Dozens of car wash workers received their final checks after a long fight with a former employer, on Monday. The workers – 88 in total – have spent eight years trying to get their former boss, José Vázquez, to pay them properly and make amends for the long hours they worked under sometimes strenuous conditions.
Steven Arenson, a lawyer with the law firm Arenson, Dittmar, and Karban, presented the last round of checks for the 88 people on Monday morning. Dozens of the former workers were in attendance, including some who were receiving their checks for the first time. A group of the 22 workers had yet to receive their first check because they are undocumented.
“All of these men [behind me] worked 12 hours a day, six to seven days a week, for $3.50, $4, $5 an hour,” Arenson says, “The minimum wage laws were ignored. The overtime laws were ignored. No designated lunch breaks.”
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Vázquez was the former owner of J.V. Car Wash, which had two locations in Manhattan, one in the Bronx and one in Elizabeth, N.J. Most employees worked six to seven days a week, they claimed. Many of them worked at the car washes for 8 to 20 years.
“In the freezing cold of January, in the burning heat of July, these men stood on their feet 12 hours a day to wash cars so that the owner could reap a weekly harvest of cash that enriched him and essentially impoverished these workers,” Arenson said.
The case began in late 2010, when two workers came into Arenson’s office and detailed the difficult work conditions they were enduring.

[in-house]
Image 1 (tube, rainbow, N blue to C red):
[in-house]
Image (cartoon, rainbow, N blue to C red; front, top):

According to Arenson, Vázquez did everything in his power to ‘delay, distract, and derail’ the litigation including firing lawyers to reschedule court appearances and filing a bogus bankruptcy claim, hoping it would dissuade the earlier workers from moving forward, even though he owned over $25 million in real estate at the time. The court agreed to allow the litigation to move forward amidst the bankruptcy claim and they settled the night before the trial was set to begin for $3.1 million. $1.65 million went directly to the eighteen workers.
After the first settlement, many other workers from the car wash had similar claims and wanted to bring lawsuits against Vázquez. But they were barred by the bankruptcy claim. That was until November, 2016 when court-appointed trustees took over management of Vázquez’s business and noticed there were more workers who had claims similar to the first eighteen workers. The bankruptcy judge sent out a notice informing all the workers that they had the opportunity to resubmit their claims: 88 workers filed claims.
After years of litigation over whether their claims were legitimate and how much they were worth, the 88 workers settled for $6.14 million. All the workers are receiving checks of $75,000 or more. The undocumented workers waited longer for their money as they needed to apply for IRS identification numbers and now have all the withholdings of a documented worker.
“This is life-changing money. They are using this money to better their lives,” Arenson said.